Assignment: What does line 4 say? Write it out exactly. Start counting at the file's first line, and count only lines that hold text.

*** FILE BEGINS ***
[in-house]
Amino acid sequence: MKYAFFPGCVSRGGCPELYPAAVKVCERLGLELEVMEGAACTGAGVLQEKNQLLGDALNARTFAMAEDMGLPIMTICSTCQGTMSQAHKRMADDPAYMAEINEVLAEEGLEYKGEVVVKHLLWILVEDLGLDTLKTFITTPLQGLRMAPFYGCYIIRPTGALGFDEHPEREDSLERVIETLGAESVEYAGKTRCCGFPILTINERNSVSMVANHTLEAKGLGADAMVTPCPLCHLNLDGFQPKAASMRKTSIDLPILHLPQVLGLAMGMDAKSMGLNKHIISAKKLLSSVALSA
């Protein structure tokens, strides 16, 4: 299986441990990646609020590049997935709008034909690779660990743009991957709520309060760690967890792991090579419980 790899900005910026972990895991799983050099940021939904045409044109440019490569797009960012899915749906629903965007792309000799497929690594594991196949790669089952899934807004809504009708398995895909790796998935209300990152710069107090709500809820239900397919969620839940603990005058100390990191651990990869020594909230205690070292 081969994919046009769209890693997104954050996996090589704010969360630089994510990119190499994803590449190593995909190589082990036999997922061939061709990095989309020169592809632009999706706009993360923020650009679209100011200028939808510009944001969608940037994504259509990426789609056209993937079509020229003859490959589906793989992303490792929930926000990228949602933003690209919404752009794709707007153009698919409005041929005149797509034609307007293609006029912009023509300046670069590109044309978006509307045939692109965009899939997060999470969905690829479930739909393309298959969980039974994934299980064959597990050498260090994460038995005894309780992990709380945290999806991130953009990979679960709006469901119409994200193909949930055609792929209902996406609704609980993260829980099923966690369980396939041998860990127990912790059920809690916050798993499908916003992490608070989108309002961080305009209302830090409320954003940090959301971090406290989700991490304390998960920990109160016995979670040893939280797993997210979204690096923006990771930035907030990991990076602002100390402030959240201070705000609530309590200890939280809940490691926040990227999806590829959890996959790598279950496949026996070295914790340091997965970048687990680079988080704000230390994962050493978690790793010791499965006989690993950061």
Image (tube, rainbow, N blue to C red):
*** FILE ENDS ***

Image (tube, rainbow, N blue to C red):